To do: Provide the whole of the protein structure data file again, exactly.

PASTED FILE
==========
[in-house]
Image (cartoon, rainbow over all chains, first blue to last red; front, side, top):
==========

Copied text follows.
[in-house]
Image (cartoon, rainbow over all chains, first blue to last red; front, side, top):